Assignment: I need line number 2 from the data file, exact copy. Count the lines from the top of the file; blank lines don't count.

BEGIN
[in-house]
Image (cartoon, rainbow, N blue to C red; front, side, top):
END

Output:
Image (cartoon, rainbow, N blue to C red; front, side, top):